These three fields (Supply Method, Procurement Method, Product Type) determine the system’s behaviour when a product is required. The system will generate different documents depending on the configuration of these three fields.

Figure Workflow for Automatic Procurement, depending on the Product Configuration illustrates different cases for automatic procurement.


Workflow for Automatic Procurement, depending on the Product Configuration

Understanding Units of Measure

OpenERP supports several units of measure. Quantities of the same product can be expressed in several units of measure at once. For example, you can buy grain by the tonne and resell it by kg. You just have to make sure that all the units of measure used for a product are in the same units of measure category.


Categories of Units of Measure

All units of measure in the same category are convertible from one unit to another.

The table below shows some examples of units of measure and their category. The factor is used to convert from one unit of measure to another as long as they are in the same category.

Example Units of Measure
UoM Category Ratio UoM Type
Kg Weight 1 Reference
Gram Weight 1000 Smaller
Tonne Weight 1000 Bigger
Hour Working time 8 Smaller
Day Working time 1 Reference
Half-day Working time 4 Smaller
Item Unit 1  
100 Items Unit 0.01  

Depending on the table above, you have 1Kg = 1000g = 0.001 Tonnes. A product in the Weight category could be expressed in Kg, Tonnes or Grammes. You cannot express it in hours or pieces, for example.

Use the menu Sales ‣ Configuration ‣ Products ‣ Units of Measure ‣ Units of Measure to define a new unit of measure.

In the definition of a Unit of Measure, you have a Rounding precision factor which shows how amounts are rounded after the conversion. A value of 1 gives rounding to the level of one unit. 0.01 gives rounding to one hundredth.


Secondary Units

OpenERP supports double units of measure. Notice however that the default unit of measure and the purchase unit of measure have to be in the same category. Only the sales unit of measure may be in a different category.

This is very useful in the agro-food industry, for example: you sell ham by the piece but invoice by the Kg. A weighing operation is needed before invoicing the customer.

To activate the management options for double units of measure, assign the group Useability / Product UoS View to your user.

In this case, the same product can be expressed in two units of measure belonging to different categories for sales and stock/purchase. You can then distinguish between the unit of stock management (the piece) and the unit of invoicing or sales (kg).

In the product form you can then set one unit of measure for sales and stock management, and one unit of measure for purchases.

For each operation on a product, you can use another unit of measure, as long as it can be found in the same category as the two units already defined. If you use another unit of measure, OpenERP automatically handles the conversion of prices and quantities.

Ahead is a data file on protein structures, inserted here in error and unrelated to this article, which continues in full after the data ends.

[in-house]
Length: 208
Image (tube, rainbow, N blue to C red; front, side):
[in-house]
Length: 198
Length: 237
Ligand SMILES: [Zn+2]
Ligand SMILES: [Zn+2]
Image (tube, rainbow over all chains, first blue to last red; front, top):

So if you have 430 Kg of carrots at 5.30 EUR/Kg, OpenERP will automatically make the conversion if you want to sell in tonnes – 0.43 tonnes at 5300 EUR / tonne. If you had set a rounding factor of 0.1 for the tonne unit of measure, OpenERP will tell you that you have only 0.4 tonnes available.

The Sales ‣ Products menu allows you to create new products and update existing products.

Categorizing your Products

Unlike partner categories (as explained in chapter Categorizing your Partners) and their assigned partners, product categories do have an effect on the products assigned to them - and a product may only belong to one category. Product categories are linked to accounting and they determine the default income / expense account when invoicing. For a CRM point of view, categories will be very useful to group your sales information in a different way.

Suppose you would like to have product categories that correspond to your product lines (or your lines of business). With such a category tree structure, you can easily track your opportunities and forecast per product line. Go to the Reporting menu, and open the Sales Analysis screen to group your quotations and sales orders by category of products.

You can define new product categories from the Sales ‣ Sales ‣ Configuration ‣ Product ‣ Products Categories, and also directly from the Product form.

From the Sales ‣ Product ‣ Products by Category menu, you get an overview of all product categories according to their tree structure. To see the products linked to a particular category, simply unfold and/or click the product concerned. All products from that category will be displayed.

comments powered by Disqus